Several players of the English clubs had voiced opposition to the Super League, and Manchester City manager Pep Guardiola commented: “It’s not a sport when success is already guaranteed.”

After City became the first team to pull out, their England forward Raheem Sterling was quick to farewell the project.


Political goal


Britain’s government, exploiting a populist cause ahead of elections next month, is vowing no let-up in its pressure on England’s biggest football clubs despite the implosion of a renegade European league.

The abortive plan involving the “big six” Premier League sides brought about a rare display of bipartisan opposition from political parties in Britain, mirroring the united hostility of fans who are normally sworn enemies.

After threatening to drop a “legislative bomb” on the billionaire and mostly foreign tycoons who run the English clubs, Prime Minister Johnson commended them for abandoning the plan late Tuesday.

But culture and sports secretary Oliver Dowden on Wednesday said the government would press on with a long-delayed review to examine the future of Britain’s national game.

He called the German model of majority-fan ownership at clubs a “good idea” in principle, but stressed he did not want to pre-empt the review’s findings and still welcomed foreign investment.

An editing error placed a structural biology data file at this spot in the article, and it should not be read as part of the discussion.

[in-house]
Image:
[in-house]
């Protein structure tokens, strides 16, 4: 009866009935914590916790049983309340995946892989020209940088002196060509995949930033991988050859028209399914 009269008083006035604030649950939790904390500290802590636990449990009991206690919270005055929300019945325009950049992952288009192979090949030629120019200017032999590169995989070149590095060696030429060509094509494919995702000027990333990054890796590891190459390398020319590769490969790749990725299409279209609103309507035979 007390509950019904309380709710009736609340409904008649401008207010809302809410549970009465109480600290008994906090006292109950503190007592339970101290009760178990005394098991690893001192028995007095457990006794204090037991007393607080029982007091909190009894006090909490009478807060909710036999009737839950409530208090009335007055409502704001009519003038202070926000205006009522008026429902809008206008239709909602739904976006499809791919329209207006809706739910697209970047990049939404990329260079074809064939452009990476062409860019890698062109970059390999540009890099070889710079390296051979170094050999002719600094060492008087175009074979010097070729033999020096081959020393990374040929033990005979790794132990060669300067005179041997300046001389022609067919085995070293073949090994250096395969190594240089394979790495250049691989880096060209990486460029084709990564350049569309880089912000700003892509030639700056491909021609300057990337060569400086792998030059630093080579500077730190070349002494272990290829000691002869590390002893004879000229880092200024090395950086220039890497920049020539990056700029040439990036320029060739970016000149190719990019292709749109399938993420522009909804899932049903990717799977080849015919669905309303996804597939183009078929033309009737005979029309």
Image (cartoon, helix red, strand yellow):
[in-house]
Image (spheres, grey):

“It would be a popular move — and really symbolise a break with the recent, neoliberal past,” Queen Mary University of London politics professor Tim Bale said.

“And they could still convincingly argue that this is a special case that wouldn’t spell socialism for other sectors,” he told AFP.

For Johnson’s Conservatives, there is a particular imperative to safeguard the working-class “Red Wall” vote in northern English seats that were held for decades by the centre-left Labour party before flipping at the 2019 general election.

In the buildup to UK-wide local polls on May 6, that translated this week into some rather un-Conservative rhetoric about preserving community values against the interests of big business and the owners of the top six.